If you have more than one savings account, you’ve probably noticed that some pay different interest rates. If you have three or four, you’ve undoubtedly seen this difference. Interest rates differ across financial institutions and among different accounts held within the same institution. Many factors come into play when determining interest rates, including the account type and its holding length. But what determines interest rates? It’s more complicated than you might think. This article will help you understand why some accounts have different interest rates than others.
- Rate Differences May Reflect Different Risk Levels
If a bank perceives that a customer is more likely to pull money out and use it for something else, it might charge that customer a higher interest rate to cover its losses if you do. A high interest savings account attracts people who want high returns on their deposits but don’t plan on using their money for a while.
- Inflation Affects Interest Rates
Inflation is a measure of how much prices rise over time. When inflation rises, so do interest rates, making it more expensive for banks to borrow money and thus affecting interest rates on savings accounts.
- The Availability of Credit Influences the Interest Rate
Banks need to make sure that people can pay back their debts, so they rely on factors like income and employment history to determine whether or not you’re a risky loan for them. Getting a reasonable interest rate may be harder if you have poor credit.
- The Federal Reserve Influences Interest Rates
The Federal Reserve Bank affects interest rates by increasing or decreasing bank reserves. According to the experts at SoFi, increasing reserves decreases interest rates because more funds are available to borrow. On the other hand, decreasing reserves increases interest rates because fewer funds are available to borrow.
- Taxation of Banks Can Influence Interest Rates
If a bank is taxed at a higher rate, it will try to recoup those taxes at higher interest rates. Similarly, if it is taxed at a lower rate, it will offer lower interest rates. This is because banks want to maximize their profits, and offering high-interest rates makes them more money than providing low ones.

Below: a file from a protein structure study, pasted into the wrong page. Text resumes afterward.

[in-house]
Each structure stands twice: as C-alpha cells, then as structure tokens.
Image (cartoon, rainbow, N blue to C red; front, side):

- Short Term Deposits Have Lower Interest Rates Than Long Term Ones
When you create a savings account at your financial institution . You will be required to choose the amount of time you want for your money to remain inaccessible. If it stays there for a longer period of time, it will accumulate greater interest. This is due to the fact that financial institutions are more ready to provide greater interest rates on accounts that they are able to keep undisturbed for longer periods of time.
- Credit Unions Are Often More Willing to Pay Higher Rates Than Banks
Because they are not require to deliver a return on equity to shareholders, credit unions are often in a position to provide more competitive interest rates than for-profit financial institutions. On the other hand, financial institutions like banks are obligate to make a profit for their shareholders. Banks are able to do this because their interest rates are lower than those offered by credit unions. Therefore, if you desire greater interest rates on the deposits you make into your savings account, it is in your best interest to opt for a credit union rather than a bank!
There is no one fixed rate that applies to the interest earned on savings accounts. Even while you could start out with a certain interest rate, your financial institution, whether it a bank or credit union, has the ability to change that rate at any moment.